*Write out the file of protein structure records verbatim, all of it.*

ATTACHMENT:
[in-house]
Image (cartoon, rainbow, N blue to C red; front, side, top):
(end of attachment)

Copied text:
[in-house]
Image (cartoon, rainbow, N blue to C red; front, side, top):